Does drug possession affect your student aid?
- On behalf of Mike G Law posted in Drug Possession on Wednesday, December 2, 2015
If you get caught with drug possession in Florida, there are wide-ranging consequences. Some of them have to do with Free Application for Federal Student Aid. Getting caught with drugs can affect your eligibility for student aid. In other words, if you are found to have drugs in your possession — that can be your car, home or purse — and you are currently receiving Federal financial aid, you will be ineligible to receive aid for a specified amount of time.
There are ways to get your eligibility back. You can successfully complete an approved rehabilitation program that includes passing two unscheduled drug tests that are given to you by the rehabilitation program you are in. You can also have the conviction reversed or set aside and this will bring back your eligibility.
If you don’t do either of these activities, you can eventually get your eligibility back after a prescribed amount of time. For a first offense of drug possession, the penalty is one year of ineligibility from the date of conviction. For a second offense, the penalty is two years of ineligibility from the date of conviction. For three or more, the penalty is indefinite. If you don’t want to pursue getting reinstated early, there is a form that you need to fill out when your eligibility is reinstated. The FAFSA authorities take drug possession very seriously.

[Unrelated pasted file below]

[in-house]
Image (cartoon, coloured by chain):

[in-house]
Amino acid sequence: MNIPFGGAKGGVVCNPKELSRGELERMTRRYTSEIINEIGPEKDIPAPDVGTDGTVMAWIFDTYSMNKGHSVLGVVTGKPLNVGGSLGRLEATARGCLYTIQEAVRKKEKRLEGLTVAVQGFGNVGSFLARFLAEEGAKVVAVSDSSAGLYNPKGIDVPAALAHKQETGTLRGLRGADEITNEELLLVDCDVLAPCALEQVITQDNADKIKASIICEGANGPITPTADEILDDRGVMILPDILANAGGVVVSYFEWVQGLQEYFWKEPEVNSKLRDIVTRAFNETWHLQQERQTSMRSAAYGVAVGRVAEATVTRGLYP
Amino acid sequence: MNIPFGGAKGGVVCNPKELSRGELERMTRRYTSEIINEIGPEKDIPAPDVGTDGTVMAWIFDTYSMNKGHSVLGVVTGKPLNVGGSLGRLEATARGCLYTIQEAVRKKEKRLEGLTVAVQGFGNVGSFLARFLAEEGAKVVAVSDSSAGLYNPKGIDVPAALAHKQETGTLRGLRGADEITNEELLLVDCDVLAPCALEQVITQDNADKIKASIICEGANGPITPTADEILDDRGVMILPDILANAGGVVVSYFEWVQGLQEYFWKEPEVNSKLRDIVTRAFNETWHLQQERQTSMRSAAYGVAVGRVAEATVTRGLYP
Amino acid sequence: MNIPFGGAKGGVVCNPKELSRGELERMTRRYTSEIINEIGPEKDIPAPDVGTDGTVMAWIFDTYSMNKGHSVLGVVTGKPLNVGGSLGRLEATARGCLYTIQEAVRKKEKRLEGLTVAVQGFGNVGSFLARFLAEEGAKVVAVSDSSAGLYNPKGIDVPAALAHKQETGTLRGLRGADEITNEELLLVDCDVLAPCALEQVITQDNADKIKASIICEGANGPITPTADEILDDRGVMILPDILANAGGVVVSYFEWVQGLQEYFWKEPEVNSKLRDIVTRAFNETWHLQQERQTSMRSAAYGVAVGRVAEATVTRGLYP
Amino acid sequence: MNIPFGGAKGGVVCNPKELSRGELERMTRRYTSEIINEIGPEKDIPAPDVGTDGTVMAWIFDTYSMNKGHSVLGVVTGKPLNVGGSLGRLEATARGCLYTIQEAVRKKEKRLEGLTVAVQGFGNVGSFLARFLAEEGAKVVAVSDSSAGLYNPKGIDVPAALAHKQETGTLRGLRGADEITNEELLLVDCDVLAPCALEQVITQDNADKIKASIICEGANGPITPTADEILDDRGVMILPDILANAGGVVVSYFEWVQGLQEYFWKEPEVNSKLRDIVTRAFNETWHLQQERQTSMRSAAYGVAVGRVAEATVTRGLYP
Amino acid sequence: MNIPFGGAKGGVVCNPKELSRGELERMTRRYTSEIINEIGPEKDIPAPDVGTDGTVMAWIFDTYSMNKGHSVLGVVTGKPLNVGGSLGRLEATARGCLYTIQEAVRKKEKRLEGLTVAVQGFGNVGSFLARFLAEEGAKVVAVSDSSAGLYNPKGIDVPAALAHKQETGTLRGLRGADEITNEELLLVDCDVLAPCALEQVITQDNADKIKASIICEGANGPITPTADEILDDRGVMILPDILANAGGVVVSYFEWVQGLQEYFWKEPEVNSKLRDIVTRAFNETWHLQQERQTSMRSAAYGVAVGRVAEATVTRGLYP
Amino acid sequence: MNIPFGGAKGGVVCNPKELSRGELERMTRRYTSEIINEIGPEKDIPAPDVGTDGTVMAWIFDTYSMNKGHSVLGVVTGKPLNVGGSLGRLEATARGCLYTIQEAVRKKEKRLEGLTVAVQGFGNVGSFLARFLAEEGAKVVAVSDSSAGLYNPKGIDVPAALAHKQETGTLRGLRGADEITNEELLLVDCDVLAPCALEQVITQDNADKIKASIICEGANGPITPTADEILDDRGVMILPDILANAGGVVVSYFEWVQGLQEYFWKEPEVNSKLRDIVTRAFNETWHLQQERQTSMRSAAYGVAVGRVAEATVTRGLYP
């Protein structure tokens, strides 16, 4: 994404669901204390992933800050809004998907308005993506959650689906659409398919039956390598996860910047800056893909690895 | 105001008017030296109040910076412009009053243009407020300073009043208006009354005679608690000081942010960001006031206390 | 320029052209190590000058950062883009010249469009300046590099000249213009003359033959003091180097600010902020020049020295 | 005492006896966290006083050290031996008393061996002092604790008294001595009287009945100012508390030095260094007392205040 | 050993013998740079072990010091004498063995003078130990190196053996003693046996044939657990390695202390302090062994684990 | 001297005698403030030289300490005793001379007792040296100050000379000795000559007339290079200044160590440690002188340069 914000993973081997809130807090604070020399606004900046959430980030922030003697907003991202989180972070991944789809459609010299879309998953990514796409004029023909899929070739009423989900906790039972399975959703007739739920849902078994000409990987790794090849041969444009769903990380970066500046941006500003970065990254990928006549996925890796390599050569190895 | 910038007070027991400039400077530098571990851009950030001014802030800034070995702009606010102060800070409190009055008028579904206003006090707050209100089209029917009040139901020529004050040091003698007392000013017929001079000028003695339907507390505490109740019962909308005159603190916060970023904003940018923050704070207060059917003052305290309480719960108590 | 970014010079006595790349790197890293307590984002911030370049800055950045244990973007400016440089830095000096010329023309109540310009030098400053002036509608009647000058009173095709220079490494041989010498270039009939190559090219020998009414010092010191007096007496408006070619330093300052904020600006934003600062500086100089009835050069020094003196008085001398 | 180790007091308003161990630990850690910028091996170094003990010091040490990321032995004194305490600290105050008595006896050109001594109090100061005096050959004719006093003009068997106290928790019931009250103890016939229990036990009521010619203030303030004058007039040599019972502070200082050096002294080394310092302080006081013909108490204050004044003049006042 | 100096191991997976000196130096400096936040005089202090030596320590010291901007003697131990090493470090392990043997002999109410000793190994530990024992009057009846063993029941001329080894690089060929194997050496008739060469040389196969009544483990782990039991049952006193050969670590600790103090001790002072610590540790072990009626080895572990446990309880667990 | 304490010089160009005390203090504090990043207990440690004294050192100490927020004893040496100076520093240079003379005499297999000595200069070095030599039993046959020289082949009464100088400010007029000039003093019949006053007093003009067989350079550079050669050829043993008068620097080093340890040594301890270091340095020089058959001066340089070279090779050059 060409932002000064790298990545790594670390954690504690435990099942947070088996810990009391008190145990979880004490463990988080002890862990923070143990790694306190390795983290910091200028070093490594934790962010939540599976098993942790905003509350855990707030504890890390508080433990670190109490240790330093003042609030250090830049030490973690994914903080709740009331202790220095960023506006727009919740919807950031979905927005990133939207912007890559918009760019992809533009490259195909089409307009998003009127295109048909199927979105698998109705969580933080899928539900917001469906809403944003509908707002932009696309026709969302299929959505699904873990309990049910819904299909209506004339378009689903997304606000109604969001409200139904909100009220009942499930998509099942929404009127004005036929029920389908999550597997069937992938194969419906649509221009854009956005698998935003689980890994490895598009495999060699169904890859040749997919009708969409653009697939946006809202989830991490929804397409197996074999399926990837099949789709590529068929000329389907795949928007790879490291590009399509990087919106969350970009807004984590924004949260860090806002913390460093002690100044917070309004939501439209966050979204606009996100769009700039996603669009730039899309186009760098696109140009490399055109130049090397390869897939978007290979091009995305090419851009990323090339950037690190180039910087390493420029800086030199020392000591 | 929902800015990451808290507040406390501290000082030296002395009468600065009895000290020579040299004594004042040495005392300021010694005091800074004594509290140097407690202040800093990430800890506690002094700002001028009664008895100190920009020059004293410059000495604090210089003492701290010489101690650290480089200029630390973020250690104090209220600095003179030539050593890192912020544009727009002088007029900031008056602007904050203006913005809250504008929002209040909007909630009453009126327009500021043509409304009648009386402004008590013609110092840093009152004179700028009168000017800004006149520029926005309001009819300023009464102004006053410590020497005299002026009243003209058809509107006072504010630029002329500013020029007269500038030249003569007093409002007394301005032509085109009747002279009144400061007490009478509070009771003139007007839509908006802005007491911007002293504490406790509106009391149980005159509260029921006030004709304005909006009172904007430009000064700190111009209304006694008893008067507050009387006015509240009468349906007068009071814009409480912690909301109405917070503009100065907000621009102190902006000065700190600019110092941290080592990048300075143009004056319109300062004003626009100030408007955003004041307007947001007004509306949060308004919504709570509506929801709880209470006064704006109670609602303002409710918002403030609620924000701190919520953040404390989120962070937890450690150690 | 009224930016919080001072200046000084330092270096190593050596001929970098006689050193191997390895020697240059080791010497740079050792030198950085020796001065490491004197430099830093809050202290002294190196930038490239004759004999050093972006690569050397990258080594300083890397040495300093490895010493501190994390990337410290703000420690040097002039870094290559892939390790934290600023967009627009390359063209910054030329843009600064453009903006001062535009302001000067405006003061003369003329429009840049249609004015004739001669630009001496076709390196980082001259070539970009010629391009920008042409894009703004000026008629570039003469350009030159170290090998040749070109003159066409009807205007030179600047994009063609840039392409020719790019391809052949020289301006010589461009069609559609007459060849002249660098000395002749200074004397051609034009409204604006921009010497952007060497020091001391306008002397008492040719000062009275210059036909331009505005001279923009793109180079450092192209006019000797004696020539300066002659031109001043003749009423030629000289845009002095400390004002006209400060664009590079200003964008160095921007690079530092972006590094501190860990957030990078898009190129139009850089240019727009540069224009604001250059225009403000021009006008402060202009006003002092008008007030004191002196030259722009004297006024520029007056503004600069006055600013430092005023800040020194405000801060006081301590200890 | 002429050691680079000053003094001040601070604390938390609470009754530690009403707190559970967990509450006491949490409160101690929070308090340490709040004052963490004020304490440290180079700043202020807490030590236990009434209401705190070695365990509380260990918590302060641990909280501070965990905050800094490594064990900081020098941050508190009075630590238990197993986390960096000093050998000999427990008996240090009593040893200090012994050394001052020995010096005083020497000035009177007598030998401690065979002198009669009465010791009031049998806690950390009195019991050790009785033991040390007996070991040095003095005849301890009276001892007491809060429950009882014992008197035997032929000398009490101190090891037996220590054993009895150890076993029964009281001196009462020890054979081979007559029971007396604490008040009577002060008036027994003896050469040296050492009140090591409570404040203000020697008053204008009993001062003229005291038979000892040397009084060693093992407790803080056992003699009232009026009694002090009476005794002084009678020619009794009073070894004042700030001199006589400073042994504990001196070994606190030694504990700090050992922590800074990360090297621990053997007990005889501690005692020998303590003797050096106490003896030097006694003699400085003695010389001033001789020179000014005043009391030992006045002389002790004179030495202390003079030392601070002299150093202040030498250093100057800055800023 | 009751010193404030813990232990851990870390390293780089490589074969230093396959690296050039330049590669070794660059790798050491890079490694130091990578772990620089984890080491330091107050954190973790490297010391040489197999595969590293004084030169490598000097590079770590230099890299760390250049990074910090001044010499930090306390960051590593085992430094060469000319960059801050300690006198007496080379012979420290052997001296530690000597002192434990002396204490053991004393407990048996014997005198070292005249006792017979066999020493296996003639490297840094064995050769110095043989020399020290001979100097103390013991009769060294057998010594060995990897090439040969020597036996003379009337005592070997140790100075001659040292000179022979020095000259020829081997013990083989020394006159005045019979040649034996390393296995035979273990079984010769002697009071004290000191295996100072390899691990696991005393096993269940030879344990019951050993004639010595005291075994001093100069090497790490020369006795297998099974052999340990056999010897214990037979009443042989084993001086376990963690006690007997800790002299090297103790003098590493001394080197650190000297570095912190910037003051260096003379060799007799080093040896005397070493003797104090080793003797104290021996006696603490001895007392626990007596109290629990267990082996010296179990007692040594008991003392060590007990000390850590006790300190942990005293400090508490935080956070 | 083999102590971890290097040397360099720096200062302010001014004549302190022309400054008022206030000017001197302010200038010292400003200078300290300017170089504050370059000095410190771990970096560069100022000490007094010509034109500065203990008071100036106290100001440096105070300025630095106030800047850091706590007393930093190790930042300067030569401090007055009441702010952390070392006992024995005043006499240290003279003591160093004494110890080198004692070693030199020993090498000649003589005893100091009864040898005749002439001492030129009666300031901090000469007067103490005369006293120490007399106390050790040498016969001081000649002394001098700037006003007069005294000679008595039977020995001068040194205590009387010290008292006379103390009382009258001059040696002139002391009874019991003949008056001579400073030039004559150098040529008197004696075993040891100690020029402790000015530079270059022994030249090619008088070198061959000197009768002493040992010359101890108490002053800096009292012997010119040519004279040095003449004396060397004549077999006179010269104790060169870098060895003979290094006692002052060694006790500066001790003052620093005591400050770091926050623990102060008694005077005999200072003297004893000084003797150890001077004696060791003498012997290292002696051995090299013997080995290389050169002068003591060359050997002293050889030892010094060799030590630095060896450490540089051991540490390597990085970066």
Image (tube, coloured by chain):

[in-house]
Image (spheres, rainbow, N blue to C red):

You are considered to be receiving financial aid beginning the day that classes start for any term that you have applied to take at a college or university. You also must have accepted an offer for Federal student financial aid. In other words, you will be penalized by FAFSA authorities when you accept the offer of financial aid — not when you actually receive it.
Getting to know all the penalties for possession of illegal drugs is important. If you need legal help, calling in a knowledgeable attorney can be so important at a time like this.
Source: Office of National Drug Control Policy, "FAFSA Facts," accessed Dec. 01, 2015